Private student loan consolidation isn’t exactly like a private student loan refinancing, as the introductory interest rate on the new loans isn’t based solely on your credit ratings. However, if your credit ratings have improved significantly, you might qualify for a lower interest rate as well. Whether or not you can qualify will depend on your current circumstances. For instance, if you’ve been out of school for quite some time, you’re probably going to have a lot more options available to you than someone who’s just finishing school and seeking a fresh start. If you’re looking at consolidating because your student loans are all behind and you’ve experienced a recent financial hardship, you’re going to need to take the following steps.

private student loan consolidation

Shop around. There are several different private student loan consolidation companies that offer different repayment plans. Compare the different offers to see what’s best for your situation. You’ll also want to think about your own situation. If you’re having difficulty paying several different high interest debts, refinancing may not be right for you. On the other hand, if your credit has taken a hit and you have several high interest debts that you can’t pay, refinancing may be the answer.

Ask your school. Your school may have contacts with private student loan consolidation companies that they wouldn’t share with you. Also, they probably have contact lists of students who are in situations similar to yours. Your school can also tell you which federal student loan consolidation programs they offer.

Consolidate for lower interest rates. While you may be able to save money when you consolidate using a private student loan consolidation company, you will still end up paying the same total interest on a loan. The federal government’s direct consolidation loan programs only offer a lower interest rate than their private counterparts.

You can consolidate both federal and private loans. It can be hard to decide how much to consolidate since all the loans are so similar. There are pros and cons to both approaches. One of the pros is that when you consolidate all of your loans into one, you get a lower overall interest rate because there’s just one payment to make. The only real downside to consolidating is that you will typically lose some of the benefits of early payoff.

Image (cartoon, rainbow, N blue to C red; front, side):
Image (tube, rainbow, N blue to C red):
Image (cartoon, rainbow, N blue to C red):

Refinance for better terms. Federal student loans are guaranteed loans, so you won’t lose any of your federal protections if you consolidate. This is great if you’ve had problems repaying your earlier student loans and need a better interest rate to make payments now. When you refinance, you can get longer or shorter terms, and you can refinance on either a fixed or adjustable interest rate, depending on which terms you choose.

Consolidate for credit score benefits. As you probably know, credit score plays a huge role in your financial life. If you’re trying to get into a new job, or if you’re trying to re-establish a good credit score, having a private student loan consolidation can be a big help. You will have more options available to you when it comes to financing, and your monthly payments will be lower than they would be with private student loans alone. However, there are drawbacks to consolidating private student loans as well.

One of the biggest things you’ll do in your loan repayment is pay interest. When you consolidate federal student loans, you will end up paying more in interest than you would if you were to pay each of your individual loans at their current rates. However, it’s worth it when you think about the lower monthly payment you’ll have to make. When you consolidate, you end up with one monthly payment that you can afford. You no longer have to worry about if you can make the payments; if you can, then you do. And if your credit score is still suffering from late payments, then you might want to consider consolidation just to get back on track.